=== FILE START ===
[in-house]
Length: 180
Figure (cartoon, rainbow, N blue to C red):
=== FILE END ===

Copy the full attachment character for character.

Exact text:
[in-house]
Length: 180
Figure (cartoon, rainbow, N blue to C red):